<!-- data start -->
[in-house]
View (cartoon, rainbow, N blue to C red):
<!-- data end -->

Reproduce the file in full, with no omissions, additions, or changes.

[in-house]
View (cartoon, rainbow, N blue to C red):